Grace's Guide

British Industrial History

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Stone-Platt Industries

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1966. Enlarged training centre.

1842 J. Stone and Co founded by Josiah Stone, George Preston, and John Prestige[1].

1904 The private company J Stone and Company Ltd was registered to acquire the business of J. Stone and Co, brass, copper and iron workers, and mechanical and general engineers, of Deptford[2].

1950 Reconstruction of J. Stone and Co as a holding company; formation of 2 subsidiaries to handle the business J. Stone and Co (Charlton) Ltd (railway air conditioning) and J. Stone and Co (Deptford) Ltd (marine propellors); the existing subsidiaries Stone-Wallwork Ltd and Stone Platt Engineering Co Ltd, which had complementary activities, would be merged into one, namely Stone-Wallwork, which would handle the mechanical engineering products; Stone-Platt would be liquidated. The existing 50 percent holdings in Light Metal Forgings Ltd and Stone-Fry Magnesium Ltd would be maintained[3].

1958 Scheme of arrangement to effect a merger between Platt Brothers and Co (Holdings), makers of textile machinery, and J. Stone and Co (Holdings); Stones became a wholly owned subsidiary of Platts; the company name was changed to Stone-Platt Industries[4].

1959 The principal subsidiaries were[5]:

and associated companies:

1960 Formation of Stone-Manganese Marine to handle overseas sale of marine products of Manganese Bronze and Brass Co, J. Stone and Co (Propellors), Bulls Metal and Marine, and Steven and Struthers[6].

1961 Parent of 59 subsidiaries including J. Stone (Propellors) Ltd and Bulls Metal and Marine[7]. Employs 18,000 persons. [8]

1964 J. Stone and Co (Charlton) was a member of the Stone-Platt group[9].

1970s Stone-Platt Fluidfire supplied fluid-bed boilers.

1974 Mr. Derrick Willingham was appointed finance director who succeeded Mr G. G. Buckley.[10]

1980 Company defaulted on bank loan; major problems due to loss on textile machinery operation Platt Saco Lowell; sold pumps division to raise cash[11].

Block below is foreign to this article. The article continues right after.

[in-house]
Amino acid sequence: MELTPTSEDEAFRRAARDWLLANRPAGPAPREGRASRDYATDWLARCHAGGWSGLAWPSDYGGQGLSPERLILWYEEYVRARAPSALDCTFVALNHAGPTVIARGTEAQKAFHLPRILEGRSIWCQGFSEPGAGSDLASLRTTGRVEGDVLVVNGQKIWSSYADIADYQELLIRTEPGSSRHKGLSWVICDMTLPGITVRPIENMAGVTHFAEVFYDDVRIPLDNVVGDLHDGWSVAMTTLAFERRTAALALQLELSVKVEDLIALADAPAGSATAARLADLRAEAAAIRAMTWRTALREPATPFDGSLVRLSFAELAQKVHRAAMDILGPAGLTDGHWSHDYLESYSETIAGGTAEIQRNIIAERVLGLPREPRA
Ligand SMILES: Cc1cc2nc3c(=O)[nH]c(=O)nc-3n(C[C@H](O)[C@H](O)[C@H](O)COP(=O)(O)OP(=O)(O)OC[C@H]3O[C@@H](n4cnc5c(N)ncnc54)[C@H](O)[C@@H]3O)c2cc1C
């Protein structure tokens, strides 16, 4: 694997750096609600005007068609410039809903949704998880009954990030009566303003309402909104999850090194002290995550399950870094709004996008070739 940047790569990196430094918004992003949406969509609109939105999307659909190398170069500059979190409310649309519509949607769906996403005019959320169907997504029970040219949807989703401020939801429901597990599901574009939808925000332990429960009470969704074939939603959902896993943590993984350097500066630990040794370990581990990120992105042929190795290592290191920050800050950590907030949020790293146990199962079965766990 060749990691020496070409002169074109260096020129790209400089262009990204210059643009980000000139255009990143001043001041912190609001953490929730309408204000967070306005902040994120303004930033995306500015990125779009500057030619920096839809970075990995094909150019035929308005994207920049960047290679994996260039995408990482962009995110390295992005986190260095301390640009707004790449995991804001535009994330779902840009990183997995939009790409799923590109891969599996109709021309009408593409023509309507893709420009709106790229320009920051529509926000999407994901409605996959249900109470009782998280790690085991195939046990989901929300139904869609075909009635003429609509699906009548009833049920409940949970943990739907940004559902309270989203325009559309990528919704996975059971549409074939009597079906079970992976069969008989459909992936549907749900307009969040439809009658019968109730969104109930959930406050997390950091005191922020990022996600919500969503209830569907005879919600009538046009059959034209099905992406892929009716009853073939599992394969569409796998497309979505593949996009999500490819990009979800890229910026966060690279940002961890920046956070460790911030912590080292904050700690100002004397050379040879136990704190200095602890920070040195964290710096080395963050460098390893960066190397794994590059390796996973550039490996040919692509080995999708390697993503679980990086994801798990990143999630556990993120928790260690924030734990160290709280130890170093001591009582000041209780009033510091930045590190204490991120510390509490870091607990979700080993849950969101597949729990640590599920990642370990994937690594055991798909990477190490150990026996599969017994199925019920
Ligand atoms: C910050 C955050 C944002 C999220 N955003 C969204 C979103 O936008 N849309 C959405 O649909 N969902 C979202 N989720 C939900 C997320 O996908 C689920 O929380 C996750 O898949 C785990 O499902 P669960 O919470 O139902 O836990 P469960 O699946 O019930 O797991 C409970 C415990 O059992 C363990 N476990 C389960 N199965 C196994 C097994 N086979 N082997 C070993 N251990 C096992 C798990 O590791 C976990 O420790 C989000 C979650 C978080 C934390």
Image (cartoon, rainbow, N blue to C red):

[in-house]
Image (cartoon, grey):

1981 Sold propellor division[12].

1982 Banks unwilling to put in further funds; company declared bankrupt; management buyout of the electrical division[13].

1984 Stone International, the electrical division, was rescued by management buyout from Stone-Platt Industries, and was subsequently floated[14].

1985 Stone International acquired W. G. Allen and Sons to further develop its energy systems activities[15]

Problems with an overseas contract forced the company to sell one of its more profitable subsidiaries[16]

1987 FKI Electricals acquired Stone International[17].

1991 FKI sold the Stone air conditioning business to a Japanese company[18]

See Also


Sources of Information

  1. The Times, 26 June 1905
  2. The Times, 26 June 1905
  3. The Times, 19 July 1950
  4. The Times, 18 October 1958
  5. The Times June 3, 1959
  6. The Times, 29 July 1960
  7. The Times, 3 June 1961
  8. 1961 Guide to Key British Enterprises
  9. The Times, 22 January 1964
  10. The Engineer 1974/05/02
  11. The Times, 19 March 1982
  12. The Times, 19 March 1982
  13. The Times, 19 March 1982
  14. The Times, 24 September 1984
  15. The Times 9 Mar 1985
  16. The Times, June 06, 1987
  17. Funding Universe [1]
  18. The Times, December 17, 1991